A heat pump is a device that can provide heating, cooling and hot water for residential, commercial and industrial use. Despite the name, all heat pumps can provide both heating and cooling. They work well in nearly all types of climate.
EHPA aims for quality. Together with its member it tries to show both the end-consumers and policy makers that heat pumps are quality products that are very energy efficient and are using the available renewable energy sources as much as possible.
EHPA is the voice of the heat pump sector in the European Union and advocates for a faster deployment of heat pumps. We want EU laws that enable heat pumps to become the number one heating and cooling solution in Europe. Everyone, everywhere should have access to sustainable, affordable heating.
EHPA members meet at the annual general assembly.
EHPA organises the annual conference Heat Pump Forum, and several heat pump related events every year.
EHPA co-organises and supports the European Heat Pump Summit in Nuremberg.
EHPA is present at major trade fairs in Europe.
A new EU project funded by Horizon Europe aims to make heat pumps the lead heating technology for industry by 2030.
Industry is responsible for over 25% of EU greenhouse gas emissions, and decarbonising it is key to achieving Europe’s climate goals. Industrial heating is a particular challenge due to the high temperatures needed by many industries.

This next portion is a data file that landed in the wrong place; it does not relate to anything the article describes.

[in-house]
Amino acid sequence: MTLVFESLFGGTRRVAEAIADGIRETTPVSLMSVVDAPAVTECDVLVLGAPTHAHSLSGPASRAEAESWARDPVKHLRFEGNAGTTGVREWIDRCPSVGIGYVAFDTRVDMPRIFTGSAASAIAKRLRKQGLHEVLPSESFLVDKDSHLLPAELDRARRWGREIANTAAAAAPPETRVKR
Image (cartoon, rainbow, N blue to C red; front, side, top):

The EU-funded SPIRIT project, which kicks off on 1 September 2022, will address this challenge.
It will do so by demonstrating three full-scale (0.7 – 4 MW) high-temperature (140°C -160°C) heat pump technologies (in Norway, Belgium and Czech Republic) in the food and paper industry. It will investigate how their technical and economic performance can be improved and it will show how waste heat can be used to produce steam, proving that a heat pump can supply 3 times as much heat as it consumes in energy. The project will also study the heat pump operational integration with solar thermal systems.
“Bringing heat pumps into the heart of European industry will be game changing”, commented Simon Spoelstra, Coordinator of the SPIRIT Project, “In the EU we need to cut net emissions by 55% by 2030, and be climate neutral by 2050. Decarbonising industrial heating through high-temperature heat pumps is central, and with the SPIRIT project we will start making this a reality.”
The project will also look at innovative business models and contractual agreements, and how they can increase the impact of industrial heat pumps.
What’s more, the 17 project partners will spread awareness on the barriers and benefits of upgrading heat technology in industry, with a view to reducing energy costs and greenhouse gas emissions.
The project will be coordinated by the Netherlands Organisation for Applied Scientific Research (TNO). The project partners, who come from eight different countries, represent everything from design to manufacturing and to research, bringing a wide range of expertise.
The ultimate goal of the project, which will run for 3.5 years, is to enable industrial heat pumps to become the reference technology for covering industrial heat demand for temperatures up to 160°C by 2030.
SPIRIT is a project funded through the EU Horizon Europe Research and Innovation Programme under grant agreement No. 101069672.
For more information, you can contact Simon Spoelstra, Project Coordinator, TNO - email@example.com or Ms Sonia Bianconi, Project Officer, EHPA - firstname.lastname@example.org
This project has received funding from the European Union’s Horizon Europe research and innovation programme under grant agreement No. 101069672 (SPIRIT).